Since the academic year began, Matthew Rama has watched his students interact with each other more and more without breaking into English. For him, it’s been nothing short of inspiring. Having spent the last several years directing Thunder Valley CDC’s immersion childcare program, he understands the power of the immersion experience, particularly for very young children. But this classroom, he explains, represents the next step in what immersion education can do. It’s giving students a chance to learn more advanced concepts in every subject—from math and science to reading—using Lakota as their first language. And he is already seeing their skills expand exponentially.

“They are learning and exploring everything they would in a standard, English classroom, but at the same time they are engaging so much more in Lakota,” said Rama. “Their skills sets and vocabularies have grown so much; they are using longer, more complex sentence structures when they speak. Their understanding of the language has improved an incredible amount. It’s really exciting to see that progress in them.”

To provide learning materials for the LLIC, Rama and other staff members from Thunder Valley’s Lakota Language Initiative have translated Red Cloud’s entire Kindergarten curriculum into Lakota. It includes a science component, a reading program called Learning A-Z, and a Houghton Mifflin Math program. In addition, Thunder Valley CDC’s Lakȟótiyapi Press has created a multitude of Lakota multimedia tools, including books and videos, that are used in lessons. Rama and his fellow teachers are also incorporating some of the Lakota language materials developed by Red Cloud’s Lakota Language Program staff.

While a sound curriculum is essential, Rama explains that providing a true immersion experience is also a critical component of this program. LLIC teachers want to challenge students to truly engage with the language in every context. And so when they are in the LLIC classroom, they make it a practice never to break into English. Even when students aren’t there with them, the teachers speak to one another only in Lakota. When a student doesn’t understand a word in Lakota, a teacher will point to objects around the room or mimic an activity to get the idea across without using English. After only a few months in the classroom, the practice is already making a difference. Students are becoming more and more confident in their language skills—and in themselves.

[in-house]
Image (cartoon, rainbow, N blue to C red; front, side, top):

During this initial phase of the program, the LLIC is limited to five students, all of whom attended the Lakota Immersion Childcare Program and have a baseline knowledge of the language. Thunder Valley CDC is now translating Red Cloud’s first grade curriculum, and next year this group of students will progress in the immersion track while a new group of graduates from the Lakota Immersion Childcare Program begins kindergarten in the LLIC. Over the next five years, a new grade level will be added as students move through the program. By 2020, the plan is to have a group of at least 25 students from kindergarten to fourth grade studying in the LLIC program. But staff at both Thunder Valley CDC and Red Cloud hope that there will be room and resources to expand enrollment and provide immersion opportunities for more students.

For now, though, Rama is focusing on his current students and learning what works best to support their command of the language. And every day, he has a chance to celebrate their successes.

“They are just a regular group of kindergarteners—so at this age, they have such a sense of wonder about the world,” shared Rama. “The other day we were walking outside, returning to the classroom from Physical Education, and it started to snow. They were all so excited, running around and shouting together. But instead of speaking in English, they were calling out to each other, saying “Wá hiŋhé!” which means “It’s snowing!” And the fact that they were expressing that wonder in Lakota was really great to see.”

For more information about this strategic program and partnership, contact Robert Brave Heart at Red Cloud Indian School at (605) 867-5491 or Cecily Engelhart at Thunder Valley at (605) 455-2700.

Photos © Red Cloud Indian School